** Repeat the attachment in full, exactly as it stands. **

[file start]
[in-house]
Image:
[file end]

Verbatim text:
[in-house]
Image: